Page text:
Regardless of how fit, flexible and strong you are, there are seemingly harmless ways you can injury yourself and bring your training to a complete halt. Here’s how to know, avoid and correct so you’re always pain free.
1. Driving crashes your posture
Commuters spend 40-45 hours a year in bumper-to-bumper traffic jams, found a Reuters article. The biggest players in the risk of injury are headrest positions, distance from steering wheel, resting and stretching. If these are incorrect, you can open yourself up to injuries that’ll take you out of the game.
The fix: Set the headrest so in line with the center of your head. Your arms should be at a distance from the wheel so there is a 15-25 degree bend in your elbows, and your chair where you can alternate between pedals. Once per week, slightly change the incline of your seat-back to help prevent muscles getting sedentary on your repetitive daily commute.
2. Changing a baby or shaving
Shaving your face and changing a baby may seem very much unrelated but, when it comes to injuring your lower back, they’re up the same alley. Slightly leaning over by even as little as 15 degrees can trigger back spasms.
Since shaving typically occurs in the morning, the muscles are essentially still very much asleep or inactive and, when changing your baby, the same risk occurs that can cause spasms in your sacroiliac joint.
The fix: Prevention is simple. Putting one foot up on a portable step or on the inside of the cupboard below the sink will alleviate the strain and nearly eliminate the chance of low back spasms during shaving.
When changing the baby, try to get to a safe surface that is waist height. Or you can also put a shallow step under the crib, which you can prop one of your feet on while you are bent over to help your bub.
3. Carrying a bag at your side
If you’re carrying anything that’s more than 5-10% of your body weight in a clutch position, away from your body then you’ll dramatically increase the chance of neck and shoulder pain.
The fix: Wear a bag that has a cross body strap, but not for more that 30 minutes at a time. Thankfully, with the advent of apps like Apple Pay and PayPal, you don’t need your wallet because you can pay for almost anything you need, from a coffee to a car.
4. Getting items out of the back seat
The easiest way to tear a rotator cuff muscle in your shoulder is by sitting in the driver’s seat of a car and reaching into the rear seat to clutch your bag before flinging it up front.
You might get away with this a couple of times but read on…
The fix: Just get our of the car and reach into the back. Squaring your shoulders to the bag puts you in a position of postural control.
5. Lifting your grocery bags
Think you’re strong? Even a 10lb bag of potatoes can cause pain and serious damage to the discs in the lower back of a bodybuilder if it’s lifted incorrectly.
The fix: Take your time and lift every bag individually. Make sure to square yourself; lift the bag close to your body and then and square yourself to your car and then place the bag in the trunk.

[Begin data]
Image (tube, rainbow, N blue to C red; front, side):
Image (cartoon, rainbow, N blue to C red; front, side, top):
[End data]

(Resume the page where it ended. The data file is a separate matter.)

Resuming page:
6. Sleeping is overly comfortable
Sleeping on your stomach drives your neck into hyperextension, which can jam the joints in the back of the cervical spine, causing muscle spasms or more.
The fix: Sleep on your side in the fetal position with a pillow between your knees to support your lower back, and a pillow under your head that cradles the curve of your neck. You’ll wake up fresher than a mint on a hotel bed.
7. Sowing your wild oats
A landmark research study released in Spine Journal reported that there is now official advice on how to have sex if you suffer from back pain.
The fix: The labcoats say lower back pain sufferers should do it doggy-style, whereas men with pain in extension should avoid doggy and try to use the missionary position by supporting themselves on their elbows and not their hands.
8. Fancy footwear
Wearing shoes that “look cool” usually results in exacerbation, or creation, of serious back and knee pain in those who exercise on a daily basis and anyone who works on concrete floors for a living. The ground reaction forces are transmitted from the floor, right into your joints.
Ignoring your footwear will prematurely wear out your joints, leading to osteoarthritis and lower back disc degeneration.
The fix: Those who run or engage in cardio should change their shoes every 500 miles, where as those working on their feet all day need to change their safety boots or protective footwear every 12 months.
9. Riding the escalator
People get injured while going down the escalator because of the illusion that they are off balance, since the escalator is moving while everything around it is stationary.
The fix: Place your hand on the handrail first and it will help your brain get used to the step movement. Then promptly step onto the escalator in the middle of the step.
10. Sneezing your back out
Sneezing might be different from lifting, but it still exerts tremendous pressure on the discs of the back. Sneezing while sitting makes the strain eight times worse.
The fix: Always make sure you sneeze standing up and, when you sneeze, bend your knees slightly to absorb the intra-discal forces of the impact. Cover your mouth, too.
11. Not paying attention
These injuries occur at a time when your muscles are shut off. This “muscle inhibition” is caused by one of three things: pain, repeated movement/ trauma, or joint arthritis.
The fix: Preventive maintenance with your health practitioner will correct these weaknesses so that issues can be corrected before injury has a chance to strike.
Find health advice and more in every issue of TRAIN magazine.